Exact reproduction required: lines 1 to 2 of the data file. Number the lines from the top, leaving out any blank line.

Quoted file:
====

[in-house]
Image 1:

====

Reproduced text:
[in-house]
Image 1: